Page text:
In finance there is a concept called the Sharpe Ratio, which project management could learn from.
Basically a Sharpe Ratio captures return achieved in exchange for risk.
So it’s not just about how risky (delayed) a project but what what the true return is relative to that. This is not Return on Investment but Return on Risk.
Project management can’t achieve this level of accuracy because both return and risk are much harder to measure for a one off project than for an investment. For example, shares in Ford trade on the markets on a daily basis making it very easy to do complex statistical analysis. Project management is getting better in terms of Monte Carlo analysis to model schedule risk. But at a fundamental level the data project managers have to work with just is not as rich as in finance, because each project is unique.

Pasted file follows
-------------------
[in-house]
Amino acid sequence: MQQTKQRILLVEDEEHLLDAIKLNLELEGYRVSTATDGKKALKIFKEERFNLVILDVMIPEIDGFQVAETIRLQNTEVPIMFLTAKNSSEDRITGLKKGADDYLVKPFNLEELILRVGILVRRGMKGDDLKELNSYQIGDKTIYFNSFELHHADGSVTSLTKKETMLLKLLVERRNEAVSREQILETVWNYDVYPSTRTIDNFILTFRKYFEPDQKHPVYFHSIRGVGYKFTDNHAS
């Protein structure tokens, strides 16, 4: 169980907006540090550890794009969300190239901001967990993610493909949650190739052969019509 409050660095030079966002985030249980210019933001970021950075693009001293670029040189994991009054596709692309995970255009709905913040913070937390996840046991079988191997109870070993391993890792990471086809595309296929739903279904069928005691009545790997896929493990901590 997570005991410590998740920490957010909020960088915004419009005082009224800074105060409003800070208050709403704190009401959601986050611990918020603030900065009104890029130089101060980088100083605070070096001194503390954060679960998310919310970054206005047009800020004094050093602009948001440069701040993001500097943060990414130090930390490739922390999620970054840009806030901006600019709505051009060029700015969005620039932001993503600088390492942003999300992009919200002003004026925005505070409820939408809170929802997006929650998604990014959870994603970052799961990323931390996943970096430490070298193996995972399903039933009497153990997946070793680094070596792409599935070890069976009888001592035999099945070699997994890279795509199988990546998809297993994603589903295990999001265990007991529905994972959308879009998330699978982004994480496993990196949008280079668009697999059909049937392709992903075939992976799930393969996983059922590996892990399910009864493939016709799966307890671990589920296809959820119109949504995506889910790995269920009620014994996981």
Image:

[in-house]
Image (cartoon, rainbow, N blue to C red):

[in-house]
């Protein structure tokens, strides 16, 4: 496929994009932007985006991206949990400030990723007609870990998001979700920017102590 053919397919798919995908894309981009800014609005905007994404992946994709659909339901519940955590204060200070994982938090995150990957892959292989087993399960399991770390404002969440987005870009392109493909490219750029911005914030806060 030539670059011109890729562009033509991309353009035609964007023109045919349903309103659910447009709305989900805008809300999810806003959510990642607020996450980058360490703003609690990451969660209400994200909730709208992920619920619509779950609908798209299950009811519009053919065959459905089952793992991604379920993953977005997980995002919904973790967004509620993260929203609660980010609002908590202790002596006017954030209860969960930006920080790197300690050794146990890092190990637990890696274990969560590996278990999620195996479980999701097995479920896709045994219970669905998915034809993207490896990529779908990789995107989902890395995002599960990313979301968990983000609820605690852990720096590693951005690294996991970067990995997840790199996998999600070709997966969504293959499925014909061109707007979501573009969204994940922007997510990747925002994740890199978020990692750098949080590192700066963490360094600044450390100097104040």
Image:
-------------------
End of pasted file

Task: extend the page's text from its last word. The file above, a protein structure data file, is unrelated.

The point is this, as I look at project failures, the most horrendously delayed projects are also often the ones that win major awards.
For example, would you rather have this on time and budget?
Or these with delays and cost overruns, (but lots of awards)?